But the good news is that, according to the Center on Budget and Policy Priorities (http://www.cbpp.org/cms/?fa=view&id=3927), US states are "spending $2,353 — or 28% less per student — on higher education, nationwide, in the current 2013 fiscal year than they did in 2008, when the recession hit." Why is this good news? Because it's clear that higher education administrators are finding ways (for higher education faculty) to do more with less. And according to Inside Higher Ed, here's how:

As recently as 1969, in the US, 78 percent of instructional staff comprised tenured or tenure-track professors, with adjunct faculty making up the rest ... By 2009, the figures had nearly flipped, with a third of faculty tenured or on the tenure track and two-thirds ineligible for tenure. Of those non-tenure-track positions, just 19% were full-time. (http://www.insidehighered.com/news/2013/01/09/adjunct-leaders-consider-strategies-force-change#ixzz2X5v9mtcM).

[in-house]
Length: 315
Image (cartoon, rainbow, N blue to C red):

And we know that it's a lot less expensive to pay adjunct faculty to teach a course than it is to pay a tenured or tenure track faculty member. But more importantly — especially as it relates to IEEE and the CS — non-tenure track faculty usually have no research responsibilities at their institutions. Their contract renewals are dependent almost exclusively on the quality of their instruction, however that's measured. As the number of tenure track faculty decreases, the number of researchers in higher education will also decrease, hence decreasing the demand for the kinds of publications — online and/or print — upon which IEEE and the CS have built much of their reputation.